Change can be slow, especially in government.
Lawmakers in France have been considering since 2014 a proposal to hold companies accountable for their environmental impact and working conditions along their entire supply chain in response to a garment factory collapse in Bangladesh that killed more than 1,100 people, and late this spring a version of the bill, renamed Corporate Duty of Vigilance, became law.
Although companies have since been expecting an implementation decree to specify how exactly they are to present their annual “plan de vigilance,” most of the roughly 150 French companies affected by the law, including Kering, LVMH, L’Oréal and Richemont, a Swiss company with a number of French subsidiaries, should already be working to compile a report by the end of their fiscal year, which can vary from one company to another.
The new law requires companies headquartered in France with at least 5,000 domestic employees or at least 10,000 employees globally to document and make public their efforts to prevent and rectify any environmental and human rights abuses.
While monetary sanctions up to 10 million euros for noncompliance were removed from the law by France’s Constitutional Court after it last year found the law to be too vague and overly broad for such punishment, the government may be banking on public ire to take their place.
“It’s a clear sign to companies that you can’t sit back and do whatever you want,” Denise Broussal, a Paris-based lawyer with Baker McKenzie, said of the new law. “I don’t know what more could be done aside from clear sanctions, which is always helpful, but it’s an awareness thing now. Companies know that if they fail, they can’t sit back as in the past and say ‘My subcontractor told me this.’ You have a duty to ensure that you’re not using the wrong subcontractor.”
“The whole issue is the image of your company, and once that image is tarnished, it’s very hard to fix it,” Broussal added.
The downside of relying on the public to effectively sanction a company is that it’s less of a preventative measure than a reactionary one, not to mention unreliable.
“Unfortunately, for most [companies], until they see a sanction or public shaming, they won’t comply simply because it’s the right thing to do,” Broussal said. “But these laws are helpful for getting into that place.”
French companies likely breathed a collective sigh of relief when the monetary sanctions were stripped out of the law, and while some may feel hamstrung by its broadness, legislators wanted it that way.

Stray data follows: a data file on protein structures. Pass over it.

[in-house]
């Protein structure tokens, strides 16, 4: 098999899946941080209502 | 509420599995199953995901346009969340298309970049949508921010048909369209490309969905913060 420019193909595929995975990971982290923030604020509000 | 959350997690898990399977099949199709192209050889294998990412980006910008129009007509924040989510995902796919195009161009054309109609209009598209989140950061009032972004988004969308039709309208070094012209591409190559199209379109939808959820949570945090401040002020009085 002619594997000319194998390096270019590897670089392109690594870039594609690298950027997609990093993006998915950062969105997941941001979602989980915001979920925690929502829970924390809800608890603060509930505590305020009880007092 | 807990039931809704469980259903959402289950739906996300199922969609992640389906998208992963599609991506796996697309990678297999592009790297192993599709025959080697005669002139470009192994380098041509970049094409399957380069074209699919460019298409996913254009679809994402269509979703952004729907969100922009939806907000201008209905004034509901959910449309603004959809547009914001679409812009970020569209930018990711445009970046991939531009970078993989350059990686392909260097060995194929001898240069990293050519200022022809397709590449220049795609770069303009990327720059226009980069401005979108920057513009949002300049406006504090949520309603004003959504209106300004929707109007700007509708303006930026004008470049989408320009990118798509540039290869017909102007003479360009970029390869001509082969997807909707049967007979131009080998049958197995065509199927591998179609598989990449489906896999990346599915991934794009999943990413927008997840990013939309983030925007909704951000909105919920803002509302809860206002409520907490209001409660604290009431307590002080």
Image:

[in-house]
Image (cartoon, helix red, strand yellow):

“It was purposefully vague,” Guillaume de Rancourt, a Paris-based lawyer with Cleary Gottlieb Steen & Hamilton LLP, said. “The law reads: ‘To protect against grave danger to human rights, health and securities of persons and the environment.’ The main idea is to have a wide field, to send a signal that French companies should take this seriously.”
As for how effective such a sweeping law will be, de Rancourt said corporate actions will be better “to a certain extent,” but admitted “it’s not going to change dramatically.”
“Its definitely a step in the right direction,” de Rancourt added. “Obviously no company is going to say ‘This is horrible,’ everyone agrees with the objective. The only question is how to get there.”
France’s new law is similar to one implemented in the U.K., The Modern Slavery Act of 2015, which demands that companies operating in the country with revenue £36 million or more make an annual disclosure on the treatment of workers in factories that they use. However, those in noncompliance in the U.K. can face unlimited sanctions.
Legislation along the lines of the French and U.K. laws is currently being considered in Switzerland and lawmakers in Spain and Belgium are also slated to consider like-minded measures.
There is one big country that’s not slated to consider anything: the U.S.
“Obviously, we’re dealing with a whole range of social issues here,” Susan Scafidi, a lawyer and founder of Fordham Law School’s Fashion Law Institute, said. “At the federal level, we’re trending the other way and the conversation is really around deregulation.”
Republican politicians, currently in control of the House, Senate and White House, are moving along with plans to roll back The Dodd-Frank Wall Street Reform and Consumer Protection Act, which enacted stricter financial regulations in the wake of the 2008 financial crisis. President Donald Trump has also ordered each federal agency form an internal “deregulation task force” in order to identify and eliminate regulations.
But even without particular rules and regulations in this country, Scafidi sees the awareness of a company’s target as a powerful force.
“No government fine could be as extensive as a consumer boycott,” Scafidi said. “It really is a marketplace of consumer-enforced regulation and that’s at the heart of these laws.”
When the Trump Administration decided to pull the U.S. out of the Paris Climate Accord, an agreement by most countries in the world to combat climate change, some of fashion and retail’s biggest companies were clear that being increasingly sustainable was important to them and their consumers.
Scafidi noted that laws like those in the U.K. and France will have a “trickle-down effect” on a number of U.S. companies, and pointed to a company like Kering, which the last several years has published its progress on self-set sustainability goals, as an example worth following.
“That kind of reporting is a new way of gaining consumer confidence,” Scafidi said. “Even if the federal government is backing away from this kind of regulation, companies will find it in their own self-interest to continue.”
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